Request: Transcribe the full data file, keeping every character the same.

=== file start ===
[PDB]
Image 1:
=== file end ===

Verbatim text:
[PDB]
Image 1: